Hopkins Public Schools answer to new state cut scores. “PROFICIENCY” ON STATE –REQUIRED TESTS HAS A NEW DEFINITION
Hopkins Public Schools is taking a proactive approach to communicating with parents and the community concerning scoring changes to the Michigan Educational Assessment Program (MEAP) and Michigan Merit Exam (MME) tests this year. Each year, Hopkins Public Schools’ students along with all other Michigan public school students in grades 3-9 are required to take the MEAP and eleventh graders are required to take the MME. If you haven’t already, you will soon begin hearing news reports about new cutoff scores, or “cut scores” that the Michigan State Board of Education recently adopted for these tests. Rather than rely on the news media, we encourage parents to use Hopkins Public Schools and the Michigan Department of Education for the most accurate and current information. So, what are cut scores and why has the Michigan State Board of Education changed them? MEAP and MME cut scores separate test takers into various categories, such as advanced, proficient, partially proficient and not proficient. Michigan’s previous cut scores for these state tests were set at a very basic level. Raising the cut scores will give Michigan parents and students a much better sense of whether they are adequately prepared for the next step in their education and a future career in a global economy.
The new cut scores represent a significantly higher standard for student achievement and are intended to more accurately reflect a student’s progress toward college and career readiness. On some tests, students previously could have answered as few as 40 percent of the questions correctly to be considered proficient. Under the new scoring system, students will have to correctly answer a much higher percentage of questions. Michigan is one of only three states in the nation (along with New York and Tennessee) to move to this top tier level of test scoring.
Like school districts across the state, Hopkins Public Schools’ MEAP and MME proficiency results are expected to decline when publicly released next spring. While we anticipate an initial drop in the number of students reported as “proficient,” we are confident this change will be temporary due to ongoing school improvement efforts and student support. If a student is reported as “not proficient,” it does not mean that he or she isn’t gaining academic skills or knowledge expected for his or her grade level. It means that on the day of the test, this student was not yet proficient on the material being tested. Many students may require additional help and/or time to master these skills. Actually, by the time parents and the school receive the MEAP/MME results from the state, many students identified as “not proficient” will have closed the gap. The MEAP and MME tests are only two of several measures used in our district throughout the year to insure that students are making academic progress. We maintain high standards for our students and their test scores are consistently among the highest in the state. We anticipate this trend will continue even with the new cut scores.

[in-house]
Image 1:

We will be examining our curriculum to respond to this more challenging level of test scoring. In addition, our staff will focus our professional development efforts on enhancing our abilities to rise to the challenge presented to these recent changes. Undoubtedly, parents will have many questions about the scoring changes. We will continue to provide information through a variety of communication channels such as newsletters, email, our website, parent-teacher conferences, and more.
For more information, contact Superintendent Chris Stephens, your building principal, or visit http://1.usa.gov/statetests.
You will find information under the “Curriculum” tab. A comparison document that shows the old cut scores to the new cut score is available along with a brief video that further explains the cut score process.